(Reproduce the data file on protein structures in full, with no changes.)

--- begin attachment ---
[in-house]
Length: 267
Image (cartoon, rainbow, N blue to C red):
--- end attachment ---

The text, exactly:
[in-house]
Length: 267
Image (cartoon, rainbow, N blue to C red):